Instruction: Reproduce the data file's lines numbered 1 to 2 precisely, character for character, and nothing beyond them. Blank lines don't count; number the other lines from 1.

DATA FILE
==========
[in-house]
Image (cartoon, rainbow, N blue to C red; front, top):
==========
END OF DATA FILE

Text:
[in-house]
Image (cartoon, rainbow, N blue to C red; front, top):